Schedule of the Ox

Posted by Pete DeMola on 26. Jan 2009

Mon, Jan 26
New Year’s Day: Guò Nián (过年)

Good morning! Our eardrums are still damaged from the constant barrage of explosions last night, but we made it. For those of you who huddled inside last night and cursed your neighbors: if you can’t beat ‘em, join ‘em, so go out and annihilate a small piece of your city tonight.

Today, cleaning utensils should be put away to assure that luck cannot be swept away. In the past, people would invite a lion dance troupe to further evict all bad spirits from the premises. Some would even avoid fire, and to do so, cooked all food on the previous day.

Visiting with family, friends and neighbors (bainian, or 拜年) is another holiday staple, and a throwback to the legend of Nian. In addition to wearing their new clothes, folks hand out hongbao, or red envelopes stuffed with cash to children, whose cash contents are rising year after year into the thousands. (So we’ve been told.)

Becoming increasingly popular are miao hui, or temple fairs. Usually located adjacent to Buddhist and Taoist temples, the fairs have become a relatively-new addition to the holiday lexicon.

Here in Beijing, the fairs stemmed from what were referred to as “Spring Outings,” which were popular from the mid-fourteenth to the early-twentieth centuries.

Starting on Mon, Jan 25, Beijing will be hosting a slew of these bastions of ancient culture. We’re placing our bets on the city’s oldest, the Ditan Temple Fair (from Jan 25-Feb 1 at Ditan Park) and the most cosmopolitan, the 2009 Chaoyang International Carnival—which will feature performances by Russian bands and a olio of global cuisine—will kick off on Jan 26 at Chaoyang Park.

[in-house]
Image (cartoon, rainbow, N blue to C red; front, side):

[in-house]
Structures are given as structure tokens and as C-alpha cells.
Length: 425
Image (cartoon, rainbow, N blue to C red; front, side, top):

And if all goes according to plan, the WLIB team will be at the Longtan Lake Temple Fair hanging out—and freezing our asses off—at this fair that is said to feature the widest variety of traditional snacks and foodstuffs.

And did we mention today is the prime time for dumplings? It is. Enjoy!

Tues, Jan 27
Day 2

Traditionally, married women visit their parents. (In the past, married women typically didn’t have too many changes to rendezvous with their birth parents after getting hitched.)

Wed-Thurs, Jan 28-29
Days 3-4

Folks take a breather from visiting relatives. Some argue that due to the abundance of fried food and the preceding flurry of visitations, it’ll become easy to argue. Others believe that if an immediate kin has died within the past three years, graves should be visited on the third day as opposed to house-visiting.

Fri, Jan 30
Day 5: Po Wu (破五) Honoring Caishen: The God of Wealth

Northern folks enjoy making and eating jiaozi, the ever-popular dumpling stuffed primarily with pork and fennel.

The God of Wealth legend originated from a guy named Zhao Gongming. His depiction—often brandishing a sword while seated on the back of a tiger—can often be spotted at the entrances to buildings. It’s believed that the businesses include will attract wealth and prosperity, as well as protect the business being transacted inside.

Sun, Feb 1
Day 7: Ren Ri: (人日)

Stemming from one version of a homegrown creation myth, today marks the common man’s birthday when everyone collectively ages one year.

In Southeast Asian communities with large Chinese populations, yu sheng(鱼生), or tossed raw fish salad, is eaten. Those preparing the salad common do so while wishing for continued prosperity. Buddhists, on the other hand, avoid meat.

Mon: Feb 9
Day 15: Lantern Festival: Yuánxiāojié (元宵节)

Watch for kids, acting as protectorates, carrying lanterns to guide wayward spirits home. Riddles were traditionally deposited in




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